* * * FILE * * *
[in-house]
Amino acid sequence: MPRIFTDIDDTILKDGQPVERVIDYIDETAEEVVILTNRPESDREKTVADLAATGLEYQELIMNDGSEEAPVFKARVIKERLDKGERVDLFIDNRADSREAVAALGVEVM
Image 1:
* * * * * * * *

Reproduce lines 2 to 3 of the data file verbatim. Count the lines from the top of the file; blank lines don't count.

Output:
Amino acid sequence: MPRIFTDIDDTILKDGQPVERVIDYIDETAEEVVILTNRPESDREKTVADLAATGLEYQELIMNDGSEEAPVFKARVIKERLDKGERVDLFIDNRADSREAVAALGVEVM
Image 1: